noise histrionics scribbling
Cough, cough... I think that is the only book by Hardy I ever read. I read it as a teen in translation, and although I probably missed the many (all?) social dimensions of it, I loved it.I am fairly sure now that adolescents and teens make excellent readers of modernist stuff, but anything that has any amount of Lukacs-ian sociological density will be lost on them. Not sure how much they can hear about modernism and the avant garde in school in North American public school system these days, and they should, much more than about 'realist' novels. Realist novels was all I ever heard about in my locale and time when I was a teen. Yet Cousin Bette was wasted on me.
I read them all so long ago that my memory of them is a bit thin. Overdue for a revisit, but what is it Alan Bennett says about needing a lengthy prison term?I'm not sure what they read in Americanistanian public school systems these days. (Do they even do that anymore, or is it all about filling in bubble sheets?) Mostly what we read was Hemingway, Arthur Miller, and Orwell. Without discussing the interesting ways those fit together vis a vis politics, of course. They never mentioned Orwell's socialism either, details details. Thus was anti-Soviet propaganda made without their having to work very hard. Balzac, I believe, would have been frowned upon by the school board -- if you wanted to corrupt your young impressionable mind with that kind of filth, you had to go to BBC reruns on public television. (Margaret Tyzack, woohoo!)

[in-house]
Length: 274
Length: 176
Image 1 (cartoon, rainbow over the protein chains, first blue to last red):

In Lettice and Lovage, most of all!
For a moment there, I read "Henry Miller" so I screamed WHAT.
Ha! "It's about geography, honest!"